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Cancer patients shouldn’t be fretting about child care

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D'Amato, Luisa
Publication Date: 
1 Oct 2016



Three weeks after she gave birth, Angela Jeffrey-Curry was diagnosed with cancer.

She was just 35, living in Mount Forest and travelling to Kitchener every other week for six months of chemotherapy for Hodgkin's lymphoma.

Jeffrey-Curry was too sick to look after her infant daughter, Kyla. There was an 18-month waiting list for subsidized child care, she said. She had no extended family nearby to help, and didn't have money to pay caregivers.

So she pulled her 14-year-old daughter Alyssa out of school to look after the baby.

Teachers sent work home, but Jeffrey-Curry knew Alyssa, "really suffered" that year from lack of a social and academic life. It didn't help that the family had just moved to the town a year earlier.

"I missed a lot of school," Alyssa said. "I didn't have spare time. I was just at home taking care of my little sister all the time."

That happened three years ago. Since then, Jeffrey-Curry and her family have moved to Elmira to be closer to Kitchener's Grand River Hospital and other services.

The cancer has not returned. But like many other cancer patients, she does suffer from mental health problems since her treatment. She has received counselling at the hospital's regional cancer centre and also got treatment for anxiety in Hamilton.

Jeffrey-Curry feels the cancer care system is used to dealing with older patients, but isn't as well oriented to the reality of younger people.

She points out that as more young families move around to look for work, they won't be able to count on a sibling or parent to help look after their children.

And "what happens to the immigrants?" she said. "They're not going to have mums or dads to help them."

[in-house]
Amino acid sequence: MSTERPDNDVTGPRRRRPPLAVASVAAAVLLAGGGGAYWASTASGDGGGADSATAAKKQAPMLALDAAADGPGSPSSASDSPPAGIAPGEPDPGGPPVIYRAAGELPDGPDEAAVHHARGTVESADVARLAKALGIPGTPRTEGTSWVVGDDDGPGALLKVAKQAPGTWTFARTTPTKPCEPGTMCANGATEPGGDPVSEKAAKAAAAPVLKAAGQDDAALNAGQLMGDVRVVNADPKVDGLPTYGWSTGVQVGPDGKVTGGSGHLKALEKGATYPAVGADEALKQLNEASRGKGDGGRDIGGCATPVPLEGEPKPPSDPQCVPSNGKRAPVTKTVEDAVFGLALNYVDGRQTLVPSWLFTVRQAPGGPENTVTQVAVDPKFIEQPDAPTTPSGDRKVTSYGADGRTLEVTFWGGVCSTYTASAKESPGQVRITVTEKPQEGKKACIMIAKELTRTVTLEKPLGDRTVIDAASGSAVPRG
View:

This is undeniably true.

It's strange that, while our community has a generous range of programs to help people living with cancer, child care for stay-at-home parents is not on the list.

On top of the medical care offered by the hospital, there are social workers, mental health professionals, dietitians, many support groups and even music therapists available there.

Mark Karjaluoto, director of communications for the hospital, said in a written statement that the hospital does not provide child care for any of its services.

"The reason is that the hospital is funded for patient care, which would not include child care."

I checked with several other agencies that help cancer patients. No, no and no.

If you're ill at home, or recovering from a hospital visit, a personal support worker may come to help with bathing and meals. A nurse may provide medical care.

But "it's not in our mandate to support (patients) with babysitting services," said Dale Clement, chief executive officer of the Waterloo-Wellington Community Care Access Centre.

Clement said that if people called with a need for child care, they would be referred to an organization like HopeSpring Cancer Support Centre in Kitchener.

Well, HopeSpring offers plenty of sensitively designed programs including complimentary wigs, a variety of stress-reducing activities like water yoga and meditation, and specialized support groups.

There is even a group counselling program for children, from age five up, whose parents have cancer. Strategies include therapeutic play, and help for teenagers who must care for their sick parents.

But again, no child care is offered for people in treatment.

It's as if the people designing and funding health care programs imagine that we live in a world where a) nobody gets cancer until they're at least in their 50s, and b) we all live within a short distance of caring friends or family members who are able to look after your child.

Perhaps it is time to rethink.

Because when one person in a family gets seriously ill, the entire family is disrupted.

-reprinted from The Record